By Vijay Darda | 21-05-2016
To be the prime minister of the world’s biggest democracy at the age of 44, and to be assassinated within seven years just on the verge of the second term can only spell the irony in the life of Rajiv Gandhi. It is exactly 25 years ago, that his promising life was cut short by the cruel assassin when it was clear to the naked eye that he was all set to make a triumphant return as the country’s prime minister. The nation has suffered an irreparable loss, and scars of that wound have not healed and are still visible.
Of course in personal terms, the biggest losers have been his family – the Congress president Sonia Gandhi and their children Rahul and Priyanka. It is a measure of the cynicism in our public affairs that this aspect of their personal suffering is either glossed over or even mocked at by their rivals. It is only the collective insensitivity in the society and more particularly the polity that is responsible for this situation.
But this rather cynical approach cannot take away from the glory of the pioneering contributions of the visionary leader in the making of a modern India, that is now being seen as an emerging global power or a knowledge economy. Nor can we forget that when he first spoke of an India marching into the 21st century on the wings of computer and information technology, the opposition had only jeers for him. Today, the same leaders may be bragging about their ‘revolutionary’ ideas, but in their hearts of heart they know that the original genius lay with Rajivji.
It is indeed a mark of a genius and a visionary that his ideas survive his physical persona because of their intrinsic merit and validity. Moreover, as we all know, the computers and the information technology were not the only gifts that he bestowed on the country. In fact, the telecom revolution that now has the participation of millions of people in our country saw its early rise during his days as prime minister. In fact, the seeds of a globalised liberal economic regime were also sown during his time, and there is ample evidence on record to show that while busy campaigning in the summer of 1991, the forward looking leader was also devoting his energies and time in evolving the policy framework in different sectors of the economy. He was the first Indian leader to have articulated the point that global power would, henceforth, depend on economic strength, and military might would follow suit.
It was not in the field of economy alone that he made lasting contributions. There are two initiatives taken by him in the matter of deepening the democratic process in our country that have fundamentally changed our political landscape. The first step was to lower the age of eligibility for voting rights from 21-18. He was criticised for allowing ’immature’ minds to have this right and there were many who predicted that adding these young voters every five years would lead to political instability. But he had an unshakeable belief in youth power. The second step was to introduce a three-tiered panchayati raj structure with 33 per cent of the seats reserved for women. This was a move for gender equality and empowerment of the hitherto marginalised sections of the society that has seen far-reaching changes on the political landscape.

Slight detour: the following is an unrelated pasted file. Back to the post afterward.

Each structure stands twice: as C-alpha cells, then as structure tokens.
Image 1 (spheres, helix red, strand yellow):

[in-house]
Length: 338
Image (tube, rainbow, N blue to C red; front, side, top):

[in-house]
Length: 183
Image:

We cannot remember Rajivji without a reference to the Bofors gun. It was the propaganda surrounding that defence deal which virtually brought an end to his first term as the prime minister. It was also the failure of his rivals to prove any allegation that paved the way for his possible return. But amidst all this, we should also remember that it was the Bofors gun that saved the day for our boys in the 1999-Kargil episode. The entire episode has several lessons for us in the matter of defence preparedness and with our appetite for repeating our mistakes, we seem to be following the same pattern in the AgustaWestland case. Defamation without a shred of evidence was the anti-Congress strategy at the time of Bofors, and it is being repeated again.
In the context of good neighbourly relations, his visits to Pakistan and China had left lasting impact on the frayed ties. He was the first prime minister to have visited Beijing after the 1962 war and his talks with the Chinese laid the framework for tranquillity on the borders.
Now, 25 years after his death, the best tribute that we can pay to this great visionary is to acknowledge his contribution in the task of building a stronger India capable of facing the challenges of the 21st century, by rising above all petty considerations. We can never fully grasp as to what we have lost in the last 25 years due to his absence, but the least that we can do is to stop these churlish attacks on him and his legacy, and have the strength of mind and heart to give him his due.